In reply to David Jarvie

      I’m a Combat Engineer; you don’t need to know which unit. Why do you care?

      I don’t actually think gun control is a left wing idea, but whatever.

      The FACTS, as you put it, are a handful of statistics interpreted by the author of a US gun advocacy website. This makes them, basically, opinions. My opinion is that gun control, along with a whole lot of other stuff, saves lives. My opinion is that this make is worthwhile, many people disagree and that's fine.

      The same goes for the “harsher…

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  2. James Wookey

    Paramedic

    The notion that further gun control will do anything to curb the number of shootings in Sydney is wishful thinking at best and would have as much impact as the equally pointless idea of banning bikie "colours" in kings cross. The recent seziures of illegally imported AR15's, Glock handguns and associated ammunition are the best evidence that stronger "gun control" legislation will have zero affect on criminal access to firearms and ammunition.

    A recent article published in "Security Soloutions" magazine points out that less than 3% of shipping containers entering Austraila are subject to any form of search and any action to do so is only taken on the back of significant intellegence. In this light any draconian measures that target the relatively small number of licenced firearm users (Farmers, Hunters and Sportspeople) are laughable and will only inconvinience legitiment users while leaving the criminal element untouched.

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  3. Peter Bruce

    Software Engineer

    Hugh,

    I agree with much of what you have written, and I share your sentiment.

    There is just one basic premise that seems to be missed by so many commentators.

    Sydney does not have a "gun problem". It has a criminal problem.

    Is the logic GUN = CRIMINAL
    or
    SHOOTER = REDNECK?

    If either or both then the reader really needs to get a life and learn a little about the world we live in. Perhaps leaving the Sydney metro area occassionly and going somewhere that is not a winery or a fine dining experience. Places where Amex and Diners are not accepted.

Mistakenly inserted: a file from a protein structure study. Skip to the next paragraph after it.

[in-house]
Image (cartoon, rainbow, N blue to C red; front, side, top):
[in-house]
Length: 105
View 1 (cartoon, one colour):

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  4. Dean Ashby

    Company Owner at Ezestore Storage Sydney

    I recently encountered a news item about break-ins in a self storage facility in Sydney, I was a bit concerned about it. The break-in involved two persons, one carrying a gun. Luckily no one was hurt when the security personnel spotted one the persons in the CCTV and immediately had the security staff mobilize. The two were apprehended immediately, and just in time the police came. The police seized the gun and had both men under custody. I am glad that so far none has happened in any of our self storage facilities in Sydney, though there a few reported cases of break ins in the Northern Beaches area, but none involved any guns.

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  5. Edward Thirlwall

    Storage and Removal Expert at Self Storage Sydney

    I totally agree on the fact that the community as a whole should get involved since the situation in the whole of Sydney has gotten from bad to worst. This concerns innocent lives, and more would definitely be lost should the residents rely solely on the police/government. Official policies and laws need some time before being fully implemented, thus members of the general public need to take initiative while waiting.